It has been nearly a week since we returned from Nepal and I’m just starting to get everything I observed and experienced into perspective. Clearly, it was a profoundly meaningful experience and one thing I’m absolutely certain about is the value of providing a therapeutic music and art resource to these children.
One exercise that helped bring everything into focus transpired toward the end of our visit when the film crew took time to interview members of our team for the documentary. I had the good fortune to be toward the end of that list and this provided the opportunity to learn about what other team members answered when asked why they were involved and what they hoped the program would accomplish.
Perhaps unsurprisingly, everyone had a unique and personal perspective and I was no expectation. At the same time, I’m grateful that the film crew implemented this process toward the end of our trip because my answer would have been different if we conducted these interviews several days beforehand. The turning point in my thinking came after getting to know a number of the Unatti Girls (learn more).
One question I made sure to ask each one of the girls is what they wanted to be when they grow up. It seemed like nice, safe question to ask but I was struck by the answers, or to be more precise, the non-answers. A number of the girls responded with a quizzical look while others gave indifferent replies.
At first, I thought it was a combination of teen bashfulness and minor language barriers. I quickly learned this wasn’t the case after bringing up the topic to Unatti Foundation founder, Stephanie Waiser. I learned that the notion of “pursuit of happiness” that is embodied in a simple question like “what do you want to be when you grow up?” is in many ways a foreign concept to the girls.
Apparently, restrictions in the pursuit of happiness are still common as a result of the traditional caste system. Consequently, the notion of dreaming big and believing in “yes you can” to change your station in life through hard work, study, and determination is something the children in Bhaktapur simply don’t enjoy.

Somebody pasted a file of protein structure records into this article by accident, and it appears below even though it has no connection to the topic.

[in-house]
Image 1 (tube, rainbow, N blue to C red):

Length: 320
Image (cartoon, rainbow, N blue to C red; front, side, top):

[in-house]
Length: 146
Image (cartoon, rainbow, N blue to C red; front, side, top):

This struck at my core as my own life story is defined by using music as a vehicle and support system to move beyond the poor working socioeconomic class that identified my childhood. Studying music produced necessary coping skills to develop determination, it sparked a creative edge that helped me accelerate at academic studies, and it provided the means to develop a razor sharp work ethic based on self reliance. Throughout my entire life music and art have served as the core of transformative revelation. They inspire ideas, allow me to see something unique, unusual, and interesting but perhaps most importantly, they are the gateway toward a meaningful pursuit of happiness.
Although my original impetus for being involved with HEARTbeats could best be summed up as doing a good thing for the right reasons, I left Nepal with a much stronger and personal connection: purpose. Satisfying my own sense of purpose by helping these children find their voices while remaining true to their cultural and societal heritage as well as helping them utilize music and art to find and focus purpose in their respective pursuits of happiness.
Ultimately, I’m more confident than ever that the foundation is moving in the right direction and within the next year, we’ll have a sustainable program in place that provides year-round service. Between now and then, all we have to do is make it happen.